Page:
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Child Orthopedics
Spine - Cervical
Spine - Lumbar
Spine - Thoracic

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My younger brother walks like a duck. Both feet point out rather than straight ahead. I keep telling my parents to take him to the doctor. I'm afraid he's going to wear out his knees walking like that. Am I right?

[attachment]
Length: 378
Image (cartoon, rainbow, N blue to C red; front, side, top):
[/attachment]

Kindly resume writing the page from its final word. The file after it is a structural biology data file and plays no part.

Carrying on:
Knee arthritis affects a large number of older adults each year. Risk factors are not completely understood. Recent evidence points to loss of hip strength as a possible contributing factor. Foot mechanics such as toeing-in or toeing-out has also been suggested as having an important role in the start of knee osteoarthritis. Hip abductor muscle weakness changes the alignment of the leg (and knee) when a person is standing upright. The hip abductor muscle moves the leg away from the body. Weakness of the hip abductors causes the pelvis to drop on the contralateral> (other side). This occurs as the contralateral leg swings through when walking. As the leg swings through, there is a shift in the body's center of gravity toward the swing contralateral leg. The result is an increased force or load on the medial knee joint of the standing (supportive) leg. Medial refers to the side of the knee closest to the other knee. This idea explains kinetic forces from the top down that contribute to the development of knee degeneration leading to osteoarthritis. On the other hand, there are equally important forces from the bottom up. And that refers to the foot position and biomechanics of the foot and lower leg acting on the knee. A toe-out position of the foot actually reduces the force of excessive abduction. It turns out that people who turn out may have less risk of knee deterioration compared with people who don't toe out or who toe out less.


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